Friday, January 29, 2010

To the limit…

On the slopes of the Colorado ski mountains of my youth, there was a code you were expected to follow. Unwritten, of course. But as in many cultures, Colorado ski culture adopted complex, undeclared rules, and you abided by them, or…well, I just did what was expected.

Here’s my simplified version of that code: always go to the extreme. Understand that this wasn’t for everyone, just those who’d reached a certain skill level. But if you could reasonably assert you were a good skier, people expected you to constantly push yourself, to be consistently skiing terrain that was at or near the limit of your ability, at speeds that made you nervous. Sure, first thing in the morning, you could take it easy, but don’t let that be the norm. The skiers I skied with were fascinated by the extreme, drawn to it, and overcoming my limits was the goal each time we buckled.

I stopped following that code (mostly) after two major concussions in two years, but that’s another story. I now always ski with helmet!

I’ve been thinking of this behavior recently because of some interesting, unexpected conversations. With some of you, and with friends outside our church, the topic of “knowing God” has suddenly become fashionable. More specifically, I’ve had multiple discussions about exactly how much anyone can know about God. In other words, what are the limits of our knowledge of God? Can we know God to the extreme?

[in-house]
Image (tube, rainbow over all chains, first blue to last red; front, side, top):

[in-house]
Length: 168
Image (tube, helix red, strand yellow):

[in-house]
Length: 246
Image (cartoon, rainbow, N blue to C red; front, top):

The skiing metaphor helps me in many respects. For instance, the great joy of skiing the way I once did were those many times I eclipsed my own expectations. Occasionally, I would stand at the top of a steep, narrow run, and get terribly nervous. I had no choice, though, but to ski it. No turning back. After a few slow, hesitant turns, my confidence would build. I’d make another turn at higher speeds, or with greater flare. And soon enough, I’d be at the bottom, looking up, thinking, “Wow, I just skied that! And lived! Awesome!” So the next time I attempted that run, I was less nervous. I believed in myself more. My sense of my own limits had expanded.

I wonder if God works that way, if there are times we think, “There’s no way I can know what God thinks, or wants, or hopes for,” and suddenly, for whatever reason, we’re surprised with something like knowledge. Like have you ever faced a heart-rending, difficult decision? About your direction in life? How to care for an aging parent or friend? How to give up something that’s bad for you? And for a time, you wish God was more clear, that you knew God’s will better?! I have. And there’s no perfect formula for finding that answer. Nevertheless, my experience of faith has been that when I step out in faith, give up expectations for what I believe God should say (or what I want to hear!), and trust, something happens. Maybe it’s sudden internal clarity, or some tough love from a spouse, friend or parent. Maybe it’s a scripture verse or story. But somehow, God’s will or God’s character suddenly becomes more known, or in the words of Psalm 119, God’s Word or even Godself becomes “a lamp unto my feet.” And even though it’s rarely a spotlight to my horizon, often that simple lamp is enough.

Of course, the skiing metaphor works other ways too. Like no matter what you want, there are some runs no one can ski. Like there are limits to knowing God on this side of eternity as well. And then there are times when a person misunderstands their true limits, and skis much too recklessly, out-of-control and hurts others because they weren’t humble enough about to accept their limitations. Religious folk can do that too.

I guess, then, for me, living an active live of faith involves continual negotiation between humility about the limits of our knowledge about God, and confidence that God will reach out to us, guide us, and actually wants to be known. Any thoughts of your own? Wanna go skiing? In all things,

Grace and Peace,


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